When Michael Fisher read the reports of a possibly homeless man found dead Dec. 20 behind a Browns Bridge Road business in Gainesville, he started to think about the people that vanish without a trace.
“I’m actually shocked that we don’t hear more about it, don’t find more about it,” said Fisher, the housing/program planner for Ninth District Opportunity. “We go to these camps every week … and there are people who disappear and then we don’t see them for weeks on end. Some of them don’t return.”
Fisher and others will be taking part in the biannual point-in-time homeless count Jan. 25 through Feb. 7. The count is through the Georgia Department of Community Affairs to get a glimpse of the numbers of people without a home across the state.
More people being found can lead to more resources in the area, Fisher said.
Because of the COVID-19 outbreak, the Department of Community Affairs extended the counting window to 14 days and asked people in high-risk groups for the virus to not participate in street count activities.
“Count coordinators are not required to conduct an overnight count on Jan. 25, 2021,” according to the department. “Instead, they may choose to focus on counting in known locations, and at locations where people experiencing homelessness access services throughout the count window. All surveys, regardless of when they are conducted, will assess where the respondent was sleeping on the night of Jan. 25, 2021.”
Fisher said they are trying to hold an event Jan. 26 at The Way on Bradford Street with food, medical providers and advocates for Medicare and disability.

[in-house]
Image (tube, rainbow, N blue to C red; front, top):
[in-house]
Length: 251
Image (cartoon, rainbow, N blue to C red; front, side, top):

Jerry Deyton, who operates The Way, said the hope was to bring homeless people in the community together, provide them with assistance and help out with the count.
“When you’re out there on the streets, you ain’t got no information,” Deyton said. “You ain’t got no good address. You don’t have a telephone. You can’t get any of this stuff done.”
Fisher said the numbers have grown every time the count has performed, with 149 homeless tallied in the 2019 count. The timing of the count, however, can lead to an undercount that Fisher estimated to be roughly half what the numbers should be.
“The problem is when the count is done the way it is historically done where we’re going out at night, going out in the middle of the winter, you’re just not going to find the people,” he said. “They’re settled in for the evening. They’re barricaded. They’re hidden. That’s what they do. That’s how they survive.”
The Rev. Stephen Samuel, pastor at St. John Baptist Church, said he has participated in roughly a decade’s worth of homeless mission outreach, but this year will be his first time participating in the count.
“Because of what we’re all dealing with, sometimes it becomes so easy to focus on our issues … that when the idea came up and (Fisher) mentioned it, honestly it just struck my heart to be honest with you,” Samuel said. “That is a part of our population that we just have to make sure that we keep forever conscious of and are always vigilant to remember.”
Though still in the planning stage, Fisher and others have discussed having a memorial service “for the unknown” to bring awareness “about the plight of our homeless that are overlooked, unknown and basically uncared for.”